Suicide Crisis Resources and Prevention

Suicide Crisis Resources and Prevention

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Photo Credit: ambroochizafer, Pixabay

Suicide claims more lives than war, murder, and natural disasters combined. Although it’s a deadly issue, it’s an avoidable one. By healthily dealing with risk factors – such as mental health issues, substance abuse, chronic pain, financial issues, divorce, loss of a loved one, and more – suicide and suicide attempts can be prevented.

Where to Turn for Immediate Help

If you’re in a crisis or state of distress, reaching out is the first step to obtaining safety. No matter the time or day, you can call the National Suicide Prevention Lifeline at 1-800-273-TALK (8255). Use the same number and press “1” to reach the Veterans Crisis Line. You can also text “talk” to 741-741 or chat online.

Dial 911 if your life is in immediate danger. You can either drive yourself or have a friend or loved one to take you to the closest emergency room if you’re having thoughts of suicide. For individuals who have a mental health professional, most offices have a 24/7 number you can call for assistance.

Suicide by the Numbers

In 2015, more than 44,000 died by suicide, and it’s currently the tenth leading cause of death in the United States. Roughly 121 Americans die by suicide every day, which equates to about one death every 12 minutes. More than 494,000 people went to a hospital for injuries due to self-harm. Comparing the numbers, it suggests that 12 people harm themselves for every reported death by suicide.

For adults between the ages of 10 and 34 years, suicide is the second leading cause of death in the United States. While three times as many females attempt suicide, there are 3.5 male suicides for every female suicide, meaning men are more successful. This is probably related to the fact that men are more likely to use firearms (56 percent), while women are more likely to self-poison.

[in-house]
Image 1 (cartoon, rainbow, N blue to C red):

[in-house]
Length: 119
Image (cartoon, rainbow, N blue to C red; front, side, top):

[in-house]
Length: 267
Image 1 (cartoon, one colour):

An astonishing 90 percent of all people who die by suicide have a mental health issue at the time of their death. Over 50 percent of all people who die by suicide suffer from major depression, and with 75 percent of people suffering from alcoholism and depression, the link between the two is undeniable. Between 80 and 90 percent of people with depression respond positively to treatment, and other mental health illness are treatable as well. The American Foundation of Suicide Prevention states, “The best way to prevent suicide is through early detection, diagnosis, and treatment of depression and other mental health conditions.”

Prevention for Life

Building a support network around yourself is an essential part of suicide prevention. Being connected to others helps you feel less isolated, and healthy relationships with friends, family, and significant others provides a protective factor against suicidal thoughts and behaviors. Finding people you feel comfortable confiding in and contacting at any time is crucial. “Surround yourself with positive people who motivate you to be your best,” recommends the National Suicide Prevention Lifeline.

Speaking to someone outside your social connections is vital too, whether by going to a therapist or by attending a support group. Psychology Today offers an easy way to find psychologists, psychiatrists, therapists, counselors, support groups and treatment centers in the United States and Canada. Mental health professionals can help you through a crisis, as well as provide counseling to build coping skills so you find healthy ways to deal with stress, anxiety, depression, and other external stressors.

Also, consider volunteering, taking a class, or starting a new hobby. Being involved in the community – whether it’s at work, school, church, a club, or a team – is important. Service dogs (and even just pets in general) have been shown to be beneficial to people suffering from anxiety and depression. Click here for more information about how service dogs can help treat anxiety, depression and improve general health.

You don’t have to deal with crisis or any suicidal thoughts on your own. Having a network of friends, family, peers, support groups, and professionals gives you many opportunities to find encouragement to help you through a crisis, big or small. Remember that you are an important part of the world, and your life does matter.

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